HISTORY OF THE STORE
STAVROS MELISSINOS - 2nd Generation Sandal Maker and Poet
Georgios Melissinos, Stavros Melissinos’ father, established the store in 1920, at 89 Pandrossou St., at the foot of the Acropolis, in the Monastiraki area -adjacent to the ancient agora of Athens. Back then; Monastiraki was the shoe district as well as the only flea market of Athens (today there are hundreds of them everywhere). According to information provided by an American archaeologist, who worked in Athens and used to visit the “Poet Sandal Maker” thirty years ago, Simon, one of Socrates’ friends, ran his own sandal making business 2,500 years ago on the exact spot where Melissinos’ store happens to be located today. Simon was a philosopher and a poet, just like Stavros Melissinos, so the archaeologist kept saying, jokingly, that Melissinos was either the reincarnation of Simon or even Socrates himself.
From the late 20s to the early 50s the store served as a small-scale
shoe factory that produced rubber-sole shoes -that were meant for hunters
or the working class- in addition to the luxury line of shoes that were
designed for the upper classes (the Queen of Greece used to visit the
store in order to buy her climbing shoes in person). When Georgios Melissinos
passed away, in 1954, his son Stavros inherited a business that was on
the verge of a serious disaster, due to the political and economic turmoil
in post-war Greece. The first tourists appeared, in the early 50s, like
a much-needed drizzle in an arid land and among them was that unknown
foreign elegant lady, who looked like a goddess from a pediment. That
English lady (who was a choreographer) placed an order for the
very first six pairs of Ancient Greek Sandals since the fall of the Ancient Athenian
Republic and then the Beatles came… and then… well, the rest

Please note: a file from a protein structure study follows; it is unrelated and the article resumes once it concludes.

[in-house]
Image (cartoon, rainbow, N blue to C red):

A FEW WORDS ABOUT THE HISTORY OF THE MELISSINOS (also: Melissenos) FAMILY
A noble Greek family of the Eastern Roman (Byzantine) Empire that is related to many major Greek and European families. The patrician Michael Melissinos (a relative of emperor Michael I Rangave) and ruler of the eastern part of the empire is regarded as the founder of the Melissinos family (741-775). His sister Evdokia was married to emperor Constantine V.
From the 9th through the11th C.,members of the Melissinos family were mainly lords of various territories, throughout the empire, as well as army leaders. In the 11th C. despot Nikephoros Melissinos was given the title of caesar by emperor Alexios I Comnenus, who also sent Prince Andreas Melissinos to Crete to maintain peace and order. Andreas Melissinos thus became the founder of the Cretan brunch of the family. In 1669, subsequent to a number of unsuccessful uprisings against the occupying ottoman forces, some members of this brunch left Crete for other safer places in Greece. From the 11th through the 13th C. members of the family were important landowners and administrators.
In 1261, prince Alexios Melissinos-Strategopoulos conquered Constantinople and drove away the Latin occupying forces. In the 15th C. (1404-1435) Maria Melissinos (or Melissene) was the duchess of Athens and Gregorios Melissinos who became the patriarch of Constantinople, in 1443, fled to Rome in 1450. In 1572, Makarios Melissinos, archbishop of Epidauros lead a rebellion against the Ottoman rule of Greece. According to some accounts the Melissinos family was also related to the Theotokis or Theotokopoulos family and consequently to Kyriakos (Domenico) Theotokopoulos (El Greco) whose family, after the Otto-man occupation of Constantinople, found shelter in Fodele -the Melissinos domain, in Crete. During the centuries that followed the family gradually lost its high political status and power.